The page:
Treating an Enlarged Prostate With Rezūm Water Vapor Therapy Benign prostatic hyperplasia (BPH) occurs when a man’s prostate swells, which puts pressure on the urethra and prevents urine from passing. It is a common urological condition that affects about 50% of men by age 60, and up to 90% of men by age 85. But
Center of Excellence Recognizes High Degree of Experience with New Technology Charlotte, NC—March 26, 2021—Urology Specialists of the Carolinas announced that David E. Kang, M.D. has been designated as North Carolina’s first and only Center of Excellence for Rezūm™ Water Vapor Therapy treatment – a minimally invasive in-office procedure for men looking to treat their
Breaking Down Your Enlarged Prostate Treatment Options So, you’ve just been diagnosed with an enlarged prostate. The good news? An enlarged prostate is very common, especially as you age. In fact, over 50% of men will have had an enlarged prostate by the time they turn 60 — and by age 85, that number increases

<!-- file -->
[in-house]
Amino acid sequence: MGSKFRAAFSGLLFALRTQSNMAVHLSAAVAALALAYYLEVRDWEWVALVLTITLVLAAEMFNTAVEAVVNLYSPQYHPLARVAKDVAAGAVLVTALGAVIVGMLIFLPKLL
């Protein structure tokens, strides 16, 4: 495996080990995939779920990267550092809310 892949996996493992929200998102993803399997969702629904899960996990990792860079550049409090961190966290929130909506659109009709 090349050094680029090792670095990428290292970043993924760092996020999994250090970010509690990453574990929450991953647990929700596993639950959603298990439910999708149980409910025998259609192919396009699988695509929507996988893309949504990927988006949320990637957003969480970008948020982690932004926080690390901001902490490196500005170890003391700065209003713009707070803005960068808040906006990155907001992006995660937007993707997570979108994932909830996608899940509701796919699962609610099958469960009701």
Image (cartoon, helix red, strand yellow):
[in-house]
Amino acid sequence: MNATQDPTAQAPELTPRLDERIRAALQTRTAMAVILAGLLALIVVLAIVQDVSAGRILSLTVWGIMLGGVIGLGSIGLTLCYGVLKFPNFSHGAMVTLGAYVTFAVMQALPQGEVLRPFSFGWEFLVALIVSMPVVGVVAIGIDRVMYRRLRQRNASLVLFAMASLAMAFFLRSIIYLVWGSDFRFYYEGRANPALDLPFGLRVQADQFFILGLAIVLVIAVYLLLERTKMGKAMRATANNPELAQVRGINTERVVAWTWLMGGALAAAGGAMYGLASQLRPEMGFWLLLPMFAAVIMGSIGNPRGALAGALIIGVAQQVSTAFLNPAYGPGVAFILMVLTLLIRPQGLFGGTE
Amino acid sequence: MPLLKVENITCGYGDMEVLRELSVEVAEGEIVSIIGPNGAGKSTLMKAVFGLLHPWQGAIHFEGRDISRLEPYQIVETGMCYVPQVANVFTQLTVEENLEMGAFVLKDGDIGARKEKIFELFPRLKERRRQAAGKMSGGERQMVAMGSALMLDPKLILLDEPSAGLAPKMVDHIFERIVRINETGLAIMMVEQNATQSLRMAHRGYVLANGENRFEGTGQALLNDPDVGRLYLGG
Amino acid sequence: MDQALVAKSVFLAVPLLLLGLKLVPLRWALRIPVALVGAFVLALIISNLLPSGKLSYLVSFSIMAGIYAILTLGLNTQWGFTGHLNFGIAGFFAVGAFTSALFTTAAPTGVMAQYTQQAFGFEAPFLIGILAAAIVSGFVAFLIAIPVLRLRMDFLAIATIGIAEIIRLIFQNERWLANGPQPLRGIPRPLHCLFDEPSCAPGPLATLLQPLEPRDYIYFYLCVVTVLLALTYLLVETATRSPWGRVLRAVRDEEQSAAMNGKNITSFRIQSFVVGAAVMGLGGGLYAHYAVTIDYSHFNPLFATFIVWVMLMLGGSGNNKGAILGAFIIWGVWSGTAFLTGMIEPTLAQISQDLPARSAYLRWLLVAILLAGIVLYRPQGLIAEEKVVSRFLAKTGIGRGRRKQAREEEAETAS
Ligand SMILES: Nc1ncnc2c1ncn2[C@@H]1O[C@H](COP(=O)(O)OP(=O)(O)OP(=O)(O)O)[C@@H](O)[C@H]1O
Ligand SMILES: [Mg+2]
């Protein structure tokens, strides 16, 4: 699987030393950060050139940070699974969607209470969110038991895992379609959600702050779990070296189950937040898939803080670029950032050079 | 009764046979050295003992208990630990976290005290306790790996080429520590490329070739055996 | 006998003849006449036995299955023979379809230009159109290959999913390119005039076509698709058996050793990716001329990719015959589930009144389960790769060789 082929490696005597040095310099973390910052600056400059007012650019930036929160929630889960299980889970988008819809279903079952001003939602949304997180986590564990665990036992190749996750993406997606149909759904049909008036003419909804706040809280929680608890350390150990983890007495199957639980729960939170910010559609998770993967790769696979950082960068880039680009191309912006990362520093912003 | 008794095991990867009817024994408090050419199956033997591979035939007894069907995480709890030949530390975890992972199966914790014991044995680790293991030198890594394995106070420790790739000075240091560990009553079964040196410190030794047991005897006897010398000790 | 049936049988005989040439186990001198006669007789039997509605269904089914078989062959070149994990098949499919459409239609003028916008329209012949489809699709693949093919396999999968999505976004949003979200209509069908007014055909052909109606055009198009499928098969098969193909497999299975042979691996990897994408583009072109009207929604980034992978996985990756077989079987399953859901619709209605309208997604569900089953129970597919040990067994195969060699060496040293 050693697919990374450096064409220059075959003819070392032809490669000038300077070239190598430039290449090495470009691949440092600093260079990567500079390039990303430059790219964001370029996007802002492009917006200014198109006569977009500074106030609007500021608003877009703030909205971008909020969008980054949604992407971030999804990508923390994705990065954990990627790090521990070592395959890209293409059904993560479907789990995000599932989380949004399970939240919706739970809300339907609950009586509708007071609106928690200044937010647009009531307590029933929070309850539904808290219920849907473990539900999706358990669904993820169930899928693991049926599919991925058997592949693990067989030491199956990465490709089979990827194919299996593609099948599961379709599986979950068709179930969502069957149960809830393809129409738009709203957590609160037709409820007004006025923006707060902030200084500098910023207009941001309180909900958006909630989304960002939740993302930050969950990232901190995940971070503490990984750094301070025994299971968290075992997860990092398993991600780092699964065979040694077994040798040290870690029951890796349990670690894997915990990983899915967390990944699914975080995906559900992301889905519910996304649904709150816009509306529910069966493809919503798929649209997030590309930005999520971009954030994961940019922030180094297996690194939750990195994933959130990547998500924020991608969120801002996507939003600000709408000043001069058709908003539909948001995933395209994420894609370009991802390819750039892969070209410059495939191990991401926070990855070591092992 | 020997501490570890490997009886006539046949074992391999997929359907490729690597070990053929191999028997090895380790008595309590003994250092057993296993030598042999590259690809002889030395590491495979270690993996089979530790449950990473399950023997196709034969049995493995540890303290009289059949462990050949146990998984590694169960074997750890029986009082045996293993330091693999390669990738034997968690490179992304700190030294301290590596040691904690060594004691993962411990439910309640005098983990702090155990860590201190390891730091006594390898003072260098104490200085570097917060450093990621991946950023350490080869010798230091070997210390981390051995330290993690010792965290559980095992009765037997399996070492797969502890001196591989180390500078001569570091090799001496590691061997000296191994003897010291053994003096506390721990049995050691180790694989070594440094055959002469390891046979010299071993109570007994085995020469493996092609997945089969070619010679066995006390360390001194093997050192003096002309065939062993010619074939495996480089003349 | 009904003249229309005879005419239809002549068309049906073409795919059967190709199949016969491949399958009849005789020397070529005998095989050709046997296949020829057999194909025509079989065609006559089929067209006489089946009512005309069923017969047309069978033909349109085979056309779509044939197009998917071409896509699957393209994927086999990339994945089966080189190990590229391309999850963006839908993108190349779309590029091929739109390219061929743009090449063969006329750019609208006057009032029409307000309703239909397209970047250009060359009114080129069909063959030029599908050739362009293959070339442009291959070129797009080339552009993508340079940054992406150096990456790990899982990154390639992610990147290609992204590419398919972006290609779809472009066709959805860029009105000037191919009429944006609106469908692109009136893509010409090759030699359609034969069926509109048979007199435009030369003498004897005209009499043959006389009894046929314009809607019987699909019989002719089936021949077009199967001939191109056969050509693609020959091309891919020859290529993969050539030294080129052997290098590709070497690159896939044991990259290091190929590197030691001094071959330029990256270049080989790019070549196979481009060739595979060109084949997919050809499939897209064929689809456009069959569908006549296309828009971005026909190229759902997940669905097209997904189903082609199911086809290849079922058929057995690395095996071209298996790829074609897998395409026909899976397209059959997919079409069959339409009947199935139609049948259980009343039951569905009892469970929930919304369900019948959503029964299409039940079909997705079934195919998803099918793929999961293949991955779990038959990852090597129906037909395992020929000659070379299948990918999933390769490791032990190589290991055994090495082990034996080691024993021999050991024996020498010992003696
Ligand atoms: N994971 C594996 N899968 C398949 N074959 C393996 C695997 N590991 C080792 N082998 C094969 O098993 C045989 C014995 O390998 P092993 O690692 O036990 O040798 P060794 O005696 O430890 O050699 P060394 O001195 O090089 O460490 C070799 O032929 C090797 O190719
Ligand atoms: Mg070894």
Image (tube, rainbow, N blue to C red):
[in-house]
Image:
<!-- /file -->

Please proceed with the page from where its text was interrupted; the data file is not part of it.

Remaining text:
What is commonly known and referred to as an “enlarged prostate” is known in our office as benign prostatic hyperplasia (BPH). BPH, like various other prostate problems, is common in older men. Luckily, there are a few relatively simple, in-office treatment options available for men who experience enlarged prostate symptoms. What is the prostate? The
Benign Prostatic Hyperplasia, abbreviated as BPH, simply means enlargement of the prostate gland. While BPH is not cancer and doesn’t cause cancer, it’s always best to get checked out by your urologist if you’re experiencing any symptoms of an enlarged prostate (frequent or difficult urination) to ensure there are no other health issues present. Your
If you haven't heard of benign prostatic hyperplasia, or BPH, chances are you will. Formerly known as prostatism, an estimated 50% of men have evidence of BPH by age 50 and 75% have it by age 80. BPH is a non-cancerous enlargement of the prostate gland that can occur as men get older. It can cause bothersome urinary symptoms such as having to urinate often, urgency, difficulty starting, incomplete bladder emptying, getting up at night, and sometimes incontinence.
Not a single clinic goes by in the urology office without a man complaining of an enlarged prostate. Patients typically complain of going to the bathroom too frequently, urgently, urinating at night, dribbling after urinating, difficulty initiating urination, slow flow, incontinence, bloody urine and even urinary retention (the inability to urinate at all). These symptoms